Why is the blood red or brown? Shouldn't it be black?
It is a good question. It is heard often. Skeptics will sometimes claim that the blood cannot be real because old blood is black. Actually, old blood often just turns brown. That all old blood turns black is overstated.
Old blood is not always black. Two factors will keep bloodstains from losing all or most of their red color:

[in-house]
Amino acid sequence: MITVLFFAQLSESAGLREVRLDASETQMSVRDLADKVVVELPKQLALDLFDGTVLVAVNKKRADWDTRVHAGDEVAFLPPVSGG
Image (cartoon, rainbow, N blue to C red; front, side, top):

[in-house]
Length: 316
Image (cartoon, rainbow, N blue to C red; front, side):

- The blood on the Shroud contains significant amounts of
bilirubin, a bile pigment produced by severe trauma. Bilirubin is
bright red and will cause bloodstains to remain red in color.
- Ancient cloth, after weaving was, was often washed in natural soap such as that derived from the Soapwort plant. Ingredients of this natural soap are hemolytic, which keeps the blood from turning black or brown. S. F. Pellicori also discovered that that the fibers inside the thread were brown while the fibers on the outside were red. Why is this signifcant?
The argument, however, is pointless. The bloodstains are known to be from real blood.